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Destination Wednesday: Paraty, Brazil

A two and a half hour bus ride west of Rio sits one of Brazil’s little treasures. Paraty (pronounced Pah-dah-CHI) sits on a tranquil little cove bedecked with fishing boats and squat colonial-style houses as colorful as a national flag.

History of Paraty

First settled in the mid 16th century by Portuguese explorers, the town officially gained its independence from the neighboring state of Angra dos Reis after a complicated series of battles and subsequent treaties. It continued its rise with the utility of the Gold Road, a key starting point from locally mined gold on route back to Portugal in the 17th and 18th centuries. The town maintained its importance as a sleep-over point on the coast route between Rio and Sao Paolo, but with the opening of the inner road between the two cities, traffic effectively ceased, freezing it in time and untouched by development. It wasn’t until 1950 that Paraty was linked by road to the rest of the country and the modern world was let back in. In the late 70s it was rediscovered as a fascinating destination for tourists and history buffs alike where it remains today, well-preserved and stunning in its rich beauty.

Getting there

It’s possible to reach the town quite cheaply these days from both Rio and Sao Paulo. Busses take 4 and 6 hours respectively and cost between 30 and 50 reals ($20 and $25) each way. Very much worth it for an escape back in time to this open-book piece of history.

The old town is now closed to vehicles by antique iron chains and is quite compact, making a warm evening stroll just about as close to perfect as you could want. The streets themselves are heavily cobbled (high-heel wearers be warned) but littered with café tables, bars and restaurants. An introduction to Cachaça is recommended with some establishments having a multitude of local batches lining their walls.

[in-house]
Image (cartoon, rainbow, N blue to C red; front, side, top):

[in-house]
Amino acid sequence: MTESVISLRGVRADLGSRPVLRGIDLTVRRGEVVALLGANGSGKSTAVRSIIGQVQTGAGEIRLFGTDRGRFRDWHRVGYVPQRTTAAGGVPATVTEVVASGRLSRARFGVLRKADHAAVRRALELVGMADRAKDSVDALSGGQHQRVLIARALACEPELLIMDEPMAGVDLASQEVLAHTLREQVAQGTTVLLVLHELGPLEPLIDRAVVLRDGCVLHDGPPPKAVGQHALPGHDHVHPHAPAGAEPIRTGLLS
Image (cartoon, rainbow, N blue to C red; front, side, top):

There’s a variety of pousadas, hostels and guest houses available in and around the town as well as a few more upscale hotels, each decorated in colonial period style. Cheaper options can be had outside the historic center.

To beat the heat, get to one of the beaches.

And don’t worry, with about 50 in the area you won’t be at a loss for choices. Rent a bike in town for about 10 reals and pedal over to the beach at Corumbe. It’s about a 20 minute jaunt (with a hill) but comes with a reward of a mile-long stretch of bathwater-warm water and a knee-high sandbar allowing you to sit no less than 200 yards out from land.

For adventure seekers there are loads of choices in and around the town

Diving, horse-back riding, rafting, hiking etc. Just make sure you come prepared for the heat. Drink lots of water and apply sunscreen as if it were vital to your own survival.

Overall, Paraty is an enchanting town and certainly worth a visit either on its own or along a southern Brazilian itinerary. If you don’t get on a boat, stroll aimlessly through the town or catch up on the region’s history you still won’t be disappointed. And keep your camera at the ready—photo ops are colorful and wait around each corner.

See Paraty’s tourism site for more information.

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